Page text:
No-Bake Blueberry Pie with Gingersnap CrustThe filling comes together nice and quickly in this recipe and because you only cook one half of the berries, and then add in the remaining off the stove, the pie has the fantastic combination of textures from both the disintegrated, now jam-like, berries and the bright burst of ones just warmed through. It is so juicy, sweet and delicious and makes for a gorgeous, seasonal dessert.

No-Bake Blueberry Pie with Gingersnap Crust

No-Bake Blueberry Pie with Gingersnap CrustWhen the pie has cooled, I like to top it with a thick layer of fresh whipped cream, but ice cream, or even vanilla yogurt, will also do just fine. This is a great way to have dessert despite a summer swelter and make something that looks, and tastes, like a true labor of love.
No-Bake Blueberry Pie with Gingersnap Crust
No-Bake Double Blueberry Pie with Gingersnap Crust
Yields one 9″ pie

Ingredients
1-1/2 cups of gingersnap crumbs, about one 5.25oz box of Anna’s (you can also use 2 boxes of Anna’s and omit the graham entirely)
1/2 cup of graham cracker crumbs
1 stick of butter, melted
3 pints of blueberries, divided in half
1/2 cup of sugar
2 Tablespoons of cornstarch
2 Tablespoons of water
Pinch of salt

Directions
In a food processor, pulse gingersnaps until you have 1-1/2 cups of crumbs, set aside. Repeat with graham crackers until you have 1/2 cup. Melt one stick of butter in the microwave. In a bowl, combine both sets of crumbs and melted butter thoroughly. Pour mixture into a 9″ pie plate and, starting at the bottom, in the middle, begin pressing the crumbs into the pan to form the base and sides of the pie. Be sure to press crust into the bend between the base and the sides of the pan and then press the crumb up the sides. Place crust in refrigerator to firm up.

In a mixing bowl, add 1-1/2 pints of blueberries, sugar, cornstarch, water, and salt, and combine. Add fruit mixture to a 3-quart pot and heat mixture, stirring occasionally, until boiling. Once boiling, allow to do so for 2 minutes, stirring constantly now until it thickens some and many of the berries pop and split open. Remove from heat and immediately add in the remaining 1-1/2 pints of blueberries and stir together gently.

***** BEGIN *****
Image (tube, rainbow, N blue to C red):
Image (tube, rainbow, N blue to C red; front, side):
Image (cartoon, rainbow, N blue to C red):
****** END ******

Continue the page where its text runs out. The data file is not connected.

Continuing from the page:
Remove pie crust from fridge and gently spoon in fruit mixture. Cover with plastic wrap and chill in refrigerator until completely cold and firm. Top with fresh whipped cream if desired.

Berry Scones with Orange Cardamom Glaze

I, easily, fall victim to the bounty of fruits and vegetables that flood the supermarket this time of year; sometimes, to the point of detriment. In that I’ll be so overwhelmed with all of the delicious, fresh offerings that I’ll buy a few too many tomatoes or an extra pound of peaches and then scramble for ways to use them as I notice them starting to go soft a week or two later. I always find something to do with them, but sometimes it makes for some mismatched meals.

Luckily, I always know what to do when I have berries on their way South, which is exactly the situation I found myself in this week after I had stocked up on some good strawberry and blueberry sales a week or so prior. I’d already eaten many of them on their own, dotted on top of cereal, blended into smoothies (some of which were actually milkshakes that I called “smoothies,” shhh!), and even in a balsamic vinaigrette I’d made poured over grilled chicken atop salad. Delicious! When I happened on their overripe siblings yesterday while searching for a snack, I knew I wanted to use them in a sweeter application, but also something that could handle and disguise the fact that they were past their prime.